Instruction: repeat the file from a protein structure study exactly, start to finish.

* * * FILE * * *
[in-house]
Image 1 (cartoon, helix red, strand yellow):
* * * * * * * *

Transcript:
[in-house]
Image 1 (cartoon, helix red, strand yellow):